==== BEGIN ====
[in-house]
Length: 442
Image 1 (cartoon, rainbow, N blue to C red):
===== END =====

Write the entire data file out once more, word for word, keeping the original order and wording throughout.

[in-house]
Length: 442
Image 1 (cartoon, rainbow, N blue to C red):